Introduction -(SLL-LexieD)

The Pomo are located along the coast of California. The spoke hokan and penutian. The tribes had a cheif. The word pomo is believed to be derived from pomo. The anthropologosts given the village name at the beggining of the century.

Pomo men killed two abusive American ranchers who had over ran the Mexican onwers. Then the Americans where looking for the men too arest them. When they could not find them they killed the entire village of Pomo men, women, and childern a total of 130 Pomo people.


Habitat/Homes - (SLL-LexieD)

Pomo Habitat
The lived in genial/mud climate. They had deer, elk, rabbit, squirels to hunt. Between the rivers, lakes, and the ocean around them they had plenty of fish clams, mussels, crab, and cray fish to eat.


 this is a wickup
this is a wickup

HOMES
The Pomo lived in a wickup. The wickup is made of dry grass, dry mud, and poles. Only one family lived in a wickup. The wickup were stationary. The Pomo lived in villages.



Dress - (SLL-MeganB)

The Pomo girls wore Hawaiian type clothes. But the Pomo boys wore no top. The clothes the Pomo wore were made from tule, animal skins, shredded redwood, or willow bark. The men usually went naked. The women wore ankle low skirts, with a mantle tied around their neck. They also made their clothes out of plants, bark, fibers, and threads, but some Pomo men wore loincloths. I’m sure you're wondering what a loincloth is. It’s mostly a piece pf material that is tied to the waist with a belt and hangs between the legs. Although the female Pomo’s wore skirts, they also wore something called a mantle. The mantle was tied around the neck and belted at the waist. It was designed to protect them from rain or cold weather. Some jewelry they often wore was necklaces made of shells, beads, and stones. Pomo wore cerimonial outfits, but these did not have any particular name. The Pomo tribe wore no kind of body paint or make up. They also did not wear anything on their body that required piercings.
This is a young Pomo child
This is a young Pomo child






Food - (OSL - Jack)

The Pomo indians gathered most of their food from plants, such as seeds, nuts, and berries. There also were wild fruit trees and shrubs that provided them food, including the grape. Small animals and fish were a part of their meals. The most important part of their diet was acorns. Fish, deer, and rabbit were the meat they preferred. Other meat they ate were the black bear, elk, wolf, coyote, lynx, salmon, surf fish, mussels, abalone, sea lions, and bulb plants.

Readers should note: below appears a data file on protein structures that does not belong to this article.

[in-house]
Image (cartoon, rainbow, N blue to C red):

Pomo food
Pomo food



Customs -(SLL-MeganB)

The Pomo language is very different from ours. It is a verb "last" language. Which means the word order is backwards from English. If the Pomo were to write "the pond is cold," it would look like this: "Xa-bahten heh xkatchil eh."
One of the very important parts of Pomo life was making money. The way they made money was by making disks (plates) out of clamshell beads. They would sell the disks and earn money for a living. So they were now called the “moneyers” of California. They also had something else they would trade; this was called magnesite (Which in Pomo language was “po”).This was sold mostly by the southeastern Pomo bands.




Tool and Weapons - (OSL-Jack)

Some of the weapons the Pomo used were bow and arrow, throwing stones, and snares. Some of the snares were the spear dread fall and the trip wire dread fall. The spear dread fall was a trap that they made with a little loop and when a animal tried to go through it the trap would be set off. A spear would fall from a rope and stab the animal. The trip wire dread fall had a heavy log that is suspended over a busy game trail, an animal trips over the wire and pulls a retaining bar from under two short pegs secured in a tree trunk.Their weapons were made from bones, stone, and wood. As money and as gifts, beads were produced in large numbers. Most common beads were made from clam shells collected principally at Bodega Bay in Coast Miwok territory. More valuable beads were larger beads of magnesite, known as "Indian gold."The larger and more polished the shells were, the more they were worth.
Arrow points of pomo indians
Arrow points of pomo indians




Miscellaneous Facts - (all group members)


  • The Pomo tribe had a false god who they called the creator. It was believed that he created the world. Many of the Pomo’s equated him with the Coyote, the animal they called a mythological trickster.
  • There were 72 small Pomo tribes.